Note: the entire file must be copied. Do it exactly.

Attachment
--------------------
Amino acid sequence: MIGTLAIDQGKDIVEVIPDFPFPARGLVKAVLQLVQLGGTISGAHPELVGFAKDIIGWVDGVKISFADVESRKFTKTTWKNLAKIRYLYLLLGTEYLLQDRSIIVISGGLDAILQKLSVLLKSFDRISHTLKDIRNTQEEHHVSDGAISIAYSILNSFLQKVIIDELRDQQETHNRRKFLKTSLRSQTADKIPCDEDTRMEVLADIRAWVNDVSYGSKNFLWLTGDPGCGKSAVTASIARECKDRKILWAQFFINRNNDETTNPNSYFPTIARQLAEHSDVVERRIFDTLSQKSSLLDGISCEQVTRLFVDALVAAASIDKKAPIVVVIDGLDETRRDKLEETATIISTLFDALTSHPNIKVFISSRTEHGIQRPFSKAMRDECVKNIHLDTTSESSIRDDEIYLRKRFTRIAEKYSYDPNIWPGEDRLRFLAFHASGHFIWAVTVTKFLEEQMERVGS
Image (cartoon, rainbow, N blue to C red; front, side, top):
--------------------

Amino acid sequence: MIGTLAIDQGKDIVEVIPDFPFPARGLVKAVLQLVQLGGTISGAHPELVGFAKDIIGWVDGVKISFADVESRKFTKTTWKNLAKIRYLYLLLGTEYLLQDRSIIVISGGLDAILQKLSVLLKSFDRISHTLKDIRNTQEEHHVSDGAISIAYSILNSFLQKVIIDELRDQQETHNRRKFLKTSLRSQTADKIPCDEDTRMEVLADIRAWVNDVSYGSKNFLWLTGDPGCGKSAVTASIARECKDRKILWAQFFINRNNDETTNPNSYFPTIARQLAEHSDVVERRIFDTLSQKSSLLDGISCEQVTRLFVDALVAAASIDKKAPIVVVIDGLDETRRDKLEETATIISTLFDALTSHPNIKVFISSRTEHGIQRPFSKAMRDECVKNIHLDTTSESSIRDDEIYLRKRFTRIAEKYSYDPNIWPGEDRLRFLAFHASGHFIWAVTVTKFLEEQMERVGS
Image (cartoon, rainbow, N blue to C red; front, side, top):